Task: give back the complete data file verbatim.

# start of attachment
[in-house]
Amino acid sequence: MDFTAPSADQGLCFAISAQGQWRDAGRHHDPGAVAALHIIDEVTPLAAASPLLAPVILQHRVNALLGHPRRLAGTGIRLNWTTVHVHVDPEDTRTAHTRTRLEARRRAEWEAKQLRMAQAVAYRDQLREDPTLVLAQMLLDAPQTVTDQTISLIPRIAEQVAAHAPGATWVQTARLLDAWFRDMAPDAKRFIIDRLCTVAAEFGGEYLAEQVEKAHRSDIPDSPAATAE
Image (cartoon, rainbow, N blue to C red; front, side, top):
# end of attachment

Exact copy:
[in-house]
Amino acid sequence: MDFTAPSADQGLCFAISAQGQWRDAGRHHDPGAVAALHIIDEVTPLAAASPLLAPVILQHRVNALLGHPRRLAGTGIRLNWTTVHVHVDPEDTRTAHTRTRLEARRRAEWEAKQLRMAQAVAYRDQLREDPTLVLAQMLLDAPQTVTDQTISLIPRIAEQVAAHAPGATWVQTARLLDAWFRDMAPDAKRFIIDRLCTVAAEFGGEYLAEQVEKAHRSDIPDSPAATAE
Image (cartoon, rainbow, N blue to C red; front, side, top):